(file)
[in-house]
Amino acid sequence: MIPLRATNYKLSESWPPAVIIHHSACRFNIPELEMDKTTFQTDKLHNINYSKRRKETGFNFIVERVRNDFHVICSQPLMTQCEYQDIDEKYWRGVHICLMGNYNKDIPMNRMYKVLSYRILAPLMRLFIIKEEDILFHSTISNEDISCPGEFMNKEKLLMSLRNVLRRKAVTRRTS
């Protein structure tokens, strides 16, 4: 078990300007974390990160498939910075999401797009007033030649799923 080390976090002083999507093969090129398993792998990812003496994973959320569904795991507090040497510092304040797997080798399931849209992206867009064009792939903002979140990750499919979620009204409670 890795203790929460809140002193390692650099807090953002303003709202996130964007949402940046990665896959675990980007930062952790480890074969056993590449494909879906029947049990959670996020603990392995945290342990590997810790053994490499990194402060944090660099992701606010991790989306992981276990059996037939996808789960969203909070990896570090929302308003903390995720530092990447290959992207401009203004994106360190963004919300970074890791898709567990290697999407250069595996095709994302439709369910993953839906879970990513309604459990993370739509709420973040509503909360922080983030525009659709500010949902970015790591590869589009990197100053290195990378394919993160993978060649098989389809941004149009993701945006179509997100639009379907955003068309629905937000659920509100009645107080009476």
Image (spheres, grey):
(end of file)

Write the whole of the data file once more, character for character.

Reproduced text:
[in-house]
Amino acid sequence: MIPLRATNYKLSESWPPAVIIHHSACRFNIPELEMDKTTFQTDKLHNINYSKRRKETGFNFIVERVRNDFHVICSQPLMTQCEYQDIDEKYWRGVHICLMGNYNKDIPMNRMYKVLSYRILAPLMRLFIIKEEDILFHSTISNEDISCPGEFMNKEKLLMSLRNVLRRKAVTRRTS
């Protein structure tokens, strides 16, 4: 078990300007974390990160498939910075999401797009007033030649799923 080390976090002083999507093969090129398993792998990812003496994973959320569904795991507090040497510092304040797997080798399931849209992206867009064009792939903002979140990750499919979620009204409670 890795203790929460809140002193390692650099807090953002303003709202996130964007949402940046990665896959675990980007930062952790480890074969056993590449494909879906029947049990959670996020603990392995945290342990590997810790053994490499990194402060944090660099992701606010991790989306992981276990059996037939996808789960969203909070990896570090929302308003903390995720530092990447290959992207401009203004994106360190963004919300970074890791898709567990290697999407250069595996095709994302439709369910993953839906879970990513309604459990993370739509709420973040509503909360922080983030525009659709500010949902970015790591590869589009990197100053290195990378394919993160993978060649098989389809941004149009993701945006179509997100639009379907955003068309629905937000659920509100009645107080009476």
Image (spheres, grey):